First things first. A number is not defined by its representation. What does that mean? All of the following objects represent the same number.
cat * dog
for cat = 2
and dog = 1/4
A number retains its value regardless of how you write it. It is what it is.
I've got it on good authority that some old nerd hid a bunch of treasures all over the real number line, right on top of some numbers. Lucky for us, I've got a fancy number detector that'll help us track them down. Ok it's not that fancy. It's actually pretty cheap but it works so back off.
My fancyish number detector can't take us directly to a number in one go. What it will do is take us to the general area of the number, then we recalibrate it and have it search again. This will give us a much smaller area to search. If we repeat this process for long enough, we'll find our number! Probably. Well, maybe. It depends on your definition of probably.
Anyway! Some of these treasures are supposed to be pretty huge and we're going to have to make multiple trips. The bad news is that it takes about an hour for each scan. The good news is that my fancyish number detector has a way for us to map out the path to the number so we only have to figure it out once. After that, we can just follow our trail right back to the number!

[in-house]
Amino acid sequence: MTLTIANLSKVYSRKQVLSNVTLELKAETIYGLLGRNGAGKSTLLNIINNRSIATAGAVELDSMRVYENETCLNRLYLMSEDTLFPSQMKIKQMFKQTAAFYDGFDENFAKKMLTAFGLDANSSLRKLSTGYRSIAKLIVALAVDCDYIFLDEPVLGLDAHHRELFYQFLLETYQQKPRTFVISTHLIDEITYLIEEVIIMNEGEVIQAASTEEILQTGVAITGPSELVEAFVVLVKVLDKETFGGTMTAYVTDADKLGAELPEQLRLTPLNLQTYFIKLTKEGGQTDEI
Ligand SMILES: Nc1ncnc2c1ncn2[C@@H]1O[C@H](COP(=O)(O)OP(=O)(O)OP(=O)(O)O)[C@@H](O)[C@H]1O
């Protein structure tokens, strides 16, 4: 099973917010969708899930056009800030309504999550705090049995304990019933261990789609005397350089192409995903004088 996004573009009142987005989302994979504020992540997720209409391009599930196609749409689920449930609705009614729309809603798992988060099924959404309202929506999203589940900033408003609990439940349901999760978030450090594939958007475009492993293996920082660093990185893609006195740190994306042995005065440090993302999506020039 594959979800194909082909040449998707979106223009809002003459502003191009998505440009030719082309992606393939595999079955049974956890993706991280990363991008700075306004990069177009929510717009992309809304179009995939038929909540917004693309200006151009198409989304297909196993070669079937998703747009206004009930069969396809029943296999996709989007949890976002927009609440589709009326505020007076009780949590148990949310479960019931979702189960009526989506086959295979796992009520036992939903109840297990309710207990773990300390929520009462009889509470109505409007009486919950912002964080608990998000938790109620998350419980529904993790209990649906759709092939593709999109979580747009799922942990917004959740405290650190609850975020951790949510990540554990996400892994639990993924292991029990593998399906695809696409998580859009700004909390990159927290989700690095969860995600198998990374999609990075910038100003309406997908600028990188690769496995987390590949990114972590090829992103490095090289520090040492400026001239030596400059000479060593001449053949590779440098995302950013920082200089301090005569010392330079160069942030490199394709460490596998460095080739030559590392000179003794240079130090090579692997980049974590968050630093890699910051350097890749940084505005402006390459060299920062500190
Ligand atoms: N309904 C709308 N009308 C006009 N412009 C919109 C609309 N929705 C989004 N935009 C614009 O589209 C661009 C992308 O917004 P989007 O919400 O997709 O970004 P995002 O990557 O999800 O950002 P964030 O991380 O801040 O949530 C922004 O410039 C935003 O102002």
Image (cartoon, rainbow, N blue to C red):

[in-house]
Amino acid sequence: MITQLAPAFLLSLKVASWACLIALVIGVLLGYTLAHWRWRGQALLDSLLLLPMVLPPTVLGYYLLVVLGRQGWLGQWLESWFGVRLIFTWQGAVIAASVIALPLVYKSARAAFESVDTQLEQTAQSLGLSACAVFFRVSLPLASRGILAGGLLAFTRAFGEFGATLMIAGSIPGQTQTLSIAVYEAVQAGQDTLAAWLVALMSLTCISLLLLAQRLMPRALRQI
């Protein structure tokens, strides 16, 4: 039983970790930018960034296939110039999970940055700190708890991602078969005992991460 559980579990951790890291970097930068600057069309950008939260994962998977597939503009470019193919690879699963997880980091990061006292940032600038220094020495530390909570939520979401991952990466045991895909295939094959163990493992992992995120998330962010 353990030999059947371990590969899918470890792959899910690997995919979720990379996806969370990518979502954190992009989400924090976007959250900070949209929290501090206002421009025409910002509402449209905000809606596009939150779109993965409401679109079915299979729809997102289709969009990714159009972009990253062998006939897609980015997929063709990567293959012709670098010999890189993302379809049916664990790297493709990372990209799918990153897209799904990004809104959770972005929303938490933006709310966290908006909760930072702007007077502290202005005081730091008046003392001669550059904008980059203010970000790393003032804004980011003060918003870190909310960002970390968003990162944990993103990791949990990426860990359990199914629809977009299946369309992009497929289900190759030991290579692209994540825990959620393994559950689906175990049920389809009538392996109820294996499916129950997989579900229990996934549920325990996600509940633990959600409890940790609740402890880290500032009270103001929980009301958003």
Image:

The detector splits the number line up into 10 equal chunks and assigns a number to each chunk. These chunks are closed intervals. "Closed" just means that the endpoints of each interval are included in the interval. For now, we'll be searching between 0 and 1.
For example, on the first scan, interval number 1 is [1/10, 2/10], and interval number 2 is [2/10, 3/10]. This means that 2/10 is in both interval 1 and interval 2. Yeah it's a little inefficient but that's what happens when you buy a cheap number detector from a shady guy behind the gas station.
So all we have to do is run the scan, go to the region that that the scanner pops out, write down the number of the region, and repeat until we find our treasure. Piece of cake, yeah? Let's try one!
Since these are test runs, I've already found the numbers and marked them in red on the map so you can see where they are and how all of this works.
4/10 = 40/100
and 5/10 = 50/100
We can look at the map as a whole, but it gets tiny pretty fast. We'll stick with the funky zooming thing. (I'm going to animate this eventually)
This one is a little trickier.
Wait a second. Why did we get region 5 on the first scan? Why didn't we get region 4 instead, since 1/2 is clearly in region 4 as well? Let's try starting with region 4 and see where it takes us.
Welp that was fun. I'm going to go take a nap. Feel free to take my detector and go find some more numbers on your own. There are a lot of them out there. Hundreds, at least.
Shout out to my real analysis professor Andrew Cotton-Clay for planting this lovely image in my brain